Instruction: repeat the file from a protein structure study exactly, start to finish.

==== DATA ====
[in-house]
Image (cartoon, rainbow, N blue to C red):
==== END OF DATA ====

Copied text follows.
[in-house]
Image (cartoon, rainbow, N blue to C red):